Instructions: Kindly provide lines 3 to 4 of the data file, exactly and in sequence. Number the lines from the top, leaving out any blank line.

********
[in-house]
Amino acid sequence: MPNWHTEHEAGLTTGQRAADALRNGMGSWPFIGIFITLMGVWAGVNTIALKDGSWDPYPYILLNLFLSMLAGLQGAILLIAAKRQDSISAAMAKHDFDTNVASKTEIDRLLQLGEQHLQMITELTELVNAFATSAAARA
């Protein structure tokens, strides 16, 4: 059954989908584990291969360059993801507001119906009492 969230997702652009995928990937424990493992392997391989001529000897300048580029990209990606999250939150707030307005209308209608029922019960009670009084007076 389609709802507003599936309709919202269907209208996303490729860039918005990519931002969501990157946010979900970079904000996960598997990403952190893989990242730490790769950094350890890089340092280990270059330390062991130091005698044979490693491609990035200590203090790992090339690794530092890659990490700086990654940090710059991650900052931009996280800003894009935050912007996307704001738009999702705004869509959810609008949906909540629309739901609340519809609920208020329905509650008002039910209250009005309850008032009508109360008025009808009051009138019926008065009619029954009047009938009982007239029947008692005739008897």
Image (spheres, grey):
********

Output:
């Protein structure tokens, strides 16, 4: 059954989908584990291969360059993801507001119906009492 969230997702652009995928990937424990493992392997391989001529000897300048580029990209990606999250939150707030307005209308209608029922019960009670009084007076 389609709802507003599936309709919202269907209208996303490729860039918005990519931002969501990157946010979900970079904000996960598997990403952190893989990242730490790769950094350890890089340092280990270059330390062991130091005698044979490693491609990035200590203090790992090339690794530092890659990490700086990654940090710059991650900052931009996280800003894009935050912007996307704001738009999702705004869509959810609008949906909540629309739901609340519809609920208020329905509650008002039910209250009005309850008032009508109360008025009808009051009138019926008065009619029954009047009938009982007239029947008692005739008897």
Image (spheres, grey):